Social media gives the illusion of accessibility and proximity to celebrities, but 28-year-old Kendrick Lamar has maintained the mystique of the celebs of yesteryear.
The Grammy-winning rapper rarely tweets, rarely posts to Instagram, manages to keep his private life private and rarely grants interviews, choosing to instead pour it all into the music. When he does let us peek inside his genius mind, hip-hop fans pay attention because we know it may be a while before it happens again.
As we count down to Lamar's headlining appearance at ESSENCE Festival, held June 30-July 3 in New Orleans, we compiled some of the best quotes from his interviews since blowing up after his 2012's good kid, m.A.A.d city.
1. On having money now
“I always thought money was something just to make me happy. But I've learned that I feel better being able to help my folks, 'cause we never had nothing. So just to see them excited about my career is more of a blessing than me actually having it for myself. My folks ain't graduated from high school or nothing like that, so we always had to struggle in the family—and I come from a big family. But as far as me handling this, it's a weird feeling because it's like a blur right now. I think my worst problem is actually living in the moment and understanding everything that's going on. I feel like I'm in my own bubble.”
—Interview magazine, May 2013
2. On there being no excuse for artists not to speak out
“No, there’s no excuse,” he says. “It’s really just about integrity. We all like to have fun. I like to have fun, too. But where do you stop and say, ‘You know what? There’s actually some real shit going on out there that people can relate to more than any singalong I can bring to the table.’”
—The Guardian, September 2014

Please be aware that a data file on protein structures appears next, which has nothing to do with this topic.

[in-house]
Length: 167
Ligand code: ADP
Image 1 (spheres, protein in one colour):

3. On remaining his pre-fame self
“You can actually go to my classmates and make the calls and do the background check. Everything that’s in my music is who I am, ya know? That’s why you will never hear any bogus thing about my character...You can talk to these people, and I talk to them, and they still see the same person. It makes them feel relieved to know that I still know the times when I was struggling. Them classmates, they know the deal.”
—Hip Hop Wired, December 2014
4. On his craft
"I pride myself on writing now rather than rapping," he says. "My passion is bringing storylines around and constructing a full body of work, rather than just a 16-bar verse."
—Billboard, January 2015
5. On maintaing his sanity
“When I was on that tour bus and things are happening back home in my city and my family that I can’t do nothing about—it’s out of my control, I could only put it in God’s hands—I couldn’t understand that. That can draw a thin line between you having your sanity and losing it. This is how artists deteriorate if you don’t catch yourself.”
—MTV, April 2015
6. On being tempted
“Everything that we glorified in the hood—smoking, drinking, women, violence—was at my feet times 10. All of it’s there. In the neighborhood we wanted to have power, and with success comes power. That is temptation at its highest.”
—The Guardian, June 2015
7. On being conflicted in his music
“I think my music is always conflicted, and I think it’s why people relate to it...What I put in my music is where I wanna be, where I hope to be, but the reality is I’m still a product of the environment.”
—Clique, June 2015
8. On leaving the hood
“You gotta be a stupid motherf----r, man, to have success and still wanna hang on the block,” he says. “I don’t give a fuck who you are, you dumb. You playing with fire, and you haven’t accepted change.”
—NME, July 2015
9. On adjusting to fame
"You can have the platinum album, but when you still feel like you haven't quite found your place in the world—it kind of gives a crazy offset," Lamar says. "When you go inside these places—no matter how much money you have, no matter how much success—when you still feel like you're not comfortable, where's the feeling in that?"
—NPR, December 2015
10. On backlash against “Blacker the Berry”
“It's not me pointing at my community; it's me pointing at myself," Lamar says. "I don't talk about these things if I haven't lived them, and I've hurt people in my life. It's something I still have to think about when I sleep at night. The message I'm sending to myself: 'I can't change the world until I change myself first.'”
NPR, December 2015
11. On the prison system
“It's not only caging us in the prisons, but up here [points to head] as well. Making us feel like there's no hope. And when you feel like there's no hope, there's not gonna be no action, not in a positive light. So you're gonna always be institutionalized and they’ll always make you feel like you can't better yourself, you can't do nothing greater for yourself...Forever locked up.”
—Noisey, March 2016